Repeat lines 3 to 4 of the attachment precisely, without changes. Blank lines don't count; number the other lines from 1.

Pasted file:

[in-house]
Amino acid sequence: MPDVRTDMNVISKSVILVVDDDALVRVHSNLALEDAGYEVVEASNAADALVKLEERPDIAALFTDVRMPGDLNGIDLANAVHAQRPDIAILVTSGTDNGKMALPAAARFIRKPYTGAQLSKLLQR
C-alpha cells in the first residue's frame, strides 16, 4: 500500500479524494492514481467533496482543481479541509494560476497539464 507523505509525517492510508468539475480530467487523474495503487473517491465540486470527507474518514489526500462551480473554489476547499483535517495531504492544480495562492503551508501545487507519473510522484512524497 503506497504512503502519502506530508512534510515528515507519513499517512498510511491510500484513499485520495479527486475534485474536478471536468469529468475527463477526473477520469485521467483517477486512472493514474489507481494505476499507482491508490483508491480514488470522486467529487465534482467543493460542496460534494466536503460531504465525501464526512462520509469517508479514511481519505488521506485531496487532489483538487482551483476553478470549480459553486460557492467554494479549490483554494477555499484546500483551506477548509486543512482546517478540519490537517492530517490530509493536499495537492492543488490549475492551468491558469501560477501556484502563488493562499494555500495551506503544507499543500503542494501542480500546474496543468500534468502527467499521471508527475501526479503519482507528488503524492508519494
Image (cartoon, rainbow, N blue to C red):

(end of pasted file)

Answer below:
C-alpha cells in the first residue's frame, strides 16, 4: 500500500479524494492514481467533496482543481479541509494560476497539464 507523505509525517492510508468539475480530467487523474495503487473517491465540486470527507474518514489526500462551480473554489476547499483535517495531504492544480495562492503551508501545487507519473510522484512524497 503506497504512503502519502506530508512534510515528515507519513499517512498510511491510500484513499485520495479527486475534485474536478471536468469529468475527463477526473477520469485521467483517477486512472493514474489507481494505476499507482491508490483508491480514488470522486467529487465534482467543493460542496460534494466536503460531504465525501464526512462520509469517508479514511481519505488521506485531496487532489483538487482551483476553478470549480459553486460557492467554494479549490483554494477555499484546500483551506477548509486543512482546517478540519490537517492530517490530509493536499495537492492543488490549475492551468491558469501560477501556484502563488493562499494555500495551506503544507499543500503542494501542480500546474496543468500534468502527467499521471508527475501526479503519482507528488503524492508519494
Image (cartoon, rainbow, N blue to C red):